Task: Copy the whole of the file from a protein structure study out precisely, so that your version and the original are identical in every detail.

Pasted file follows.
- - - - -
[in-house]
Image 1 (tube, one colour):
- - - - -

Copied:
[in-house]
Image 1 (tube, one colour):